Disabled activists campaigning against the legalisation of assisted suicide and euthanasia are facing yet another attempt to force the government to weaken the law.
Lawyers for Tony Nicklinson, a stroke survivor with high support needs, announced this week that they want the director of public prosecutions (DPP) to issue guidelines stating when it would be in the public interest to prosecute cases of euthanasia.
They said that Nicklinson, who can only move his head and eyes, has made a “clear and settled” decision that he wants to die when ready to do so, but is unable to carry out that wish himself.
He wants his wife to be able to end his life without facing prosecution for murder.
The case is similar to that of Debbie Purdy, who used the courts to force the DPP to list the factors to be considered by prosecutors when deciding whether to charge someone with assisted suicide.
But Nicklinson wants the DPP to issue guidance for cases of euthanasia, in which someone actively takes a disabled person’s life, rather than assisting them to take their own life.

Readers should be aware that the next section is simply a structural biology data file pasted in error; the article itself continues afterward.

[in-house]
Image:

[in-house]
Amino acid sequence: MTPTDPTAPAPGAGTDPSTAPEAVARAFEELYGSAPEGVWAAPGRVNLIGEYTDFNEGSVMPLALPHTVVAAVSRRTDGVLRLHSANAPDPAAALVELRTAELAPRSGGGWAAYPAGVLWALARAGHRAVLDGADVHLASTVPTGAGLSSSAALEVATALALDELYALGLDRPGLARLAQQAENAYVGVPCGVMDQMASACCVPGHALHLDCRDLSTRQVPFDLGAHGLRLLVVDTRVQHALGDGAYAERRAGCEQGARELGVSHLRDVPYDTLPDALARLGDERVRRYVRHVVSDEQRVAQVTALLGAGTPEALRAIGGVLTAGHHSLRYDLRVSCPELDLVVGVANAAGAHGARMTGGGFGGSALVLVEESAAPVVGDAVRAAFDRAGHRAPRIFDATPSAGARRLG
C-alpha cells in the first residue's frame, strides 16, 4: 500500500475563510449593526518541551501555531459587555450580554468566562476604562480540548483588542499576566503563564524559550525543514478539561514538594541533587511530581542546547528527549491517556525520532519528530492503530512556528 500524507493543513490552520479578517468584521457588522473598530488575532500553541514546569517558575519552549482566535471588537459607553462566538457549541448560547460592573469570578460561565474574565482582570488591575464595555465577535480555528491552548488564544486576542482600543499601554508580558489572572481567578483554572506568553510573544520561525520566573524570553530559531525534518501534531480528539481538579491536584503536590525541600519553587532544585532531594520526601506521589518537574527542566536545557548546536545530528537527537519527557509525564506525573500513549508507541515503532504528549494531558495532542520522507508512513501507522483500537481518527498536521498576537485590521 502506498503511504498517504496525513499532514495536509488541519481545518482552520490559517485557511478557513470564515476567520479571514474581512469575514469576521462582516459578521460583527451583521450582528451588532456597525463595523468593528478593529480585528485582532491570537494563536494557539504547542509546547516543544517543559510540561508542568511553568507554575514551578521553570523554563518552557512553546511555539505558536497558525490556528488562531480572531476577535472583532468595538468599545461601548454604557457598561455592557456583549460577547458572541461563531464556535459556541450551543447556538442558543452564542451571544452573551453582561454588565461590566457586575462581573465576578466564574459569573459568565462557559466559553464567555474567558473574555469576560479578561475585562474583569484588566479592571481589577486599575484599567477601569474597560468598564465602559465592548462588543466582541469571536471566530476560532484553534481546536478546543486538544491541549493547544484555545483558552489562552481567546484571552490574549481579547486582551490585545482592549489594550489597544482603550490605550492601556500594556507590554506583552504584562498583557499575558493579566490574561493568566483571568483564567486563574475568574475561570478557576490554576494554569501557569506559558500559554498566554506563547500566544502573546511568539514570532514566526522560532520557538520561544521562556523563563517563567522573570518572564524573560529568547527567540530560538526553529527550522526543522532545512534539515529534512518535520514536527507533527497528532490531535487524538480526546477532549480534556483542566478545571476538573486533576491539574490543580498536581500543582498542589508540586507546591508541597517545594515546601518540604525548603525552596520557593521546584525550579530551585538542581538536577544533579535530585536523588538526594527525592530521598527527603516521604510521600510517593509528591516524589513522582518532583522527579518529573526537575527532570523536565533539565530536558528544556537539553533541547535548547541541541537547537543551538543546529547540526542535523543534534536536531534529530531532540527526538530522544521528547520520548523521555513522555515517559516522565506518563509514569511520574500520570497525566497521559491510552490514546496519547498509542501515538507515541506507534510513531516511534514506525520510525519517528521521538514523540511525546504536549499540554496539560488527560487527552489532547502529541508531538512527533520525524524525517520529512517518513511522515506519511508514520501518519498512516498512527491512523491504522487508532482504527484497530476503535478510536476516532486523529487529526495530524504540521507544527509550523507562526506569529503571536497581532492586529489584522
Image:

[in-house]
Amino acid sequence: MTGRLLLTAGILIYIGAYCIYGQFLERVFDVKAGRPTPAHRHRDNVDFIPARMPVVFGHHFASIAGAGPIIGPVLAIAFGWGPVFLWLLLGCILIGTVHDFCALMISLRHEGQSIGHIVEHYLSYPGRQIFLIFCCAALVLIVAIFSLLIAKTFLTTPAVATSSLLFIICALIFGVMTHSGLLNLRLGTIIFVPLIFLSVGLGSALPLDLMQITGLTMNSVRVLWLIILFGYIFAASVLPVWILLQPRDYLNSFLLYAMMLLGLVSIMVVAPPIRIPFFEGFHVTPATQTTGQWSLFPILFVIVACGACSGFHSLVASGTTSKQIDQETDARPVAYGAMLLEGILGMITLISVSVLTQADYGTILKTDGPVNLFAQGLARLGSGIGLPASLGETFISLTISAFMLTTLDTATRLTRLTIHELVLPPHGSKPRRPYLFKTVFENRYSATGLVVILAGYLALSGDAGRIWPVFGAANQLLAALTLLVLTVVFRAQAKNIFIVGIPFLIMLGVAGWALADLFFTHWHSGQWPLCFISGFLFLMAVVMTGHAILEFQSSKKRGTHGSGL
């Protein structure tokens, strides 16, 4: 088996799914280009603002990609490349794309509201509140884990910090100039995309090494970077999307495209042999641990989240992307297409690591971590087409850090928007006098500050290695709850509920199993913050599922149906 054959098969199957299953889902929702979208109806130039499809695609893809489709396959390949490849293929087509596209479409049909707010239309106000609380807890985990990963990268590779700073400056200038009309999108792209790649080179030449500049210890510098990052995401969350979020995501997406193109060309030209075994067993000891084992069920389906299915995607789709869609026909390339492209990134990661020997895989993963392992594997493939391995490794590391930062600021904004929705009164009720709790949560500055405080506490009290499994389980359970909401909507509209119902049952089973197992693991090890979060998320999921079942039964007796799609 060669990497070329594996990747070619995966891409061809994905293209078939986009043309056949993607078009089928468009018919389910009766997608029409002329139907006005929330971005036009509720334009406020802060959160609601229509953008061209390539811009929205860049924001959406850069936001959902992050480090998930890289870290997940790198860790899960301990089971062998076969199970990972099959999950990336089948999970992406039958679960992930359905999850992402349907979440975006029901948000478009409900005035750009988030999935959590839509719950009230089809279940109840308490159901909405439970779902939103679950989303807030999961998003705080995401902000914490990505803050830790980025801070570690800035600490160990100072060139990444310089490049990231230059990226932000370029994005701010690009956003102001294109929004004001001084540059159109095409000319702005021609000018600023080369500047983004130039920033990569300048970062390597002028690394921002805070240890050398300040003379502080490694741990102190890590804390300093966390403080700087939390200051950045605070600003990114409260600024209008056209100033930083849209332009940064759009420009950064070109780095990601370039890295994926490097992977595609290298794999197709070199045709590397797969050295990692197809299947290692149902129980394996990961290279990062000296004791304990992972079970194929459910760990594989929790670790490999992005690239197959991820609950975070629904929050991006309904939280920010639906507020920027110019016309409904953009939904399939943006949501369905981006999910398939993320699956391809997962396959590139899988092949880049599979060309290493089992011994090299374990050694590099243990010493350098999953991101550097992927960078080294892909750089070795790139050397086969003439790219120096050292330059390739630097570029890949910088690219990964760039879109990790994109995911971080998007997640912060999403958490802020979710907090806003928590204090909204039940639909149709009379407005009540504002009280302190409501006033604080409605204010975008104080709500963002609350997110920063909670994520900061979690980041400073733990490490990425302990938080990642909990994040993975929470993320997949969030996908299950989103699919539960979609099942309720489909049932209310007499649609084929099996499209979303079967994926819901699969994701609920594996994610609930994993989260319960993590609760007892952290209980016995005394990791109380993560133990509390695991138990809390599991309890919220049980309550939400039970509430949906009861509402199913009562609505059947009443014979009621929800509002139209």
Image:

The DPP, Keir Starmer, has refused to issue new guidance because he believes existing guidelines and advice for prosecutors are “sufficient”.
Nicklinson’s lawyers this week issued legal proceedings in the high court seeking a judicial review of the DPP’s refusal to issue new guidance.
But the Care Not Killing alliance – whose members include RADAR – said the current law “acts as a powerful deterrent” and changing the law was opposed by “the vast majority of disabled people and disability rights organisations in our country” and would “contribute to a mindset that the lives of sick or disabled people are somehow less worth living”.
In a witness statement, Nicklinson said he had “no privacy or dignity left” and added: “I am fed up with my life and don’t want to spend the next 20 years or so like this.”
Saimo Chahal, Nicklinson’s solicitor, said: “The law of murder is inflexible and the Law Commission was right when, in 2006, it recommended that the law should be reviewed, particularly in the context of mercy killing.”
A spokeswoman for the DPP said there were “a number of important distinctions between assisted suicide, euthanasia and so-called mercy killing”.
She said: “Suicide, whether assisted or not, and murder are very different acts in that the former requires a person to take their own life, whereas the latter involves a person doing an act that ends the life of another.”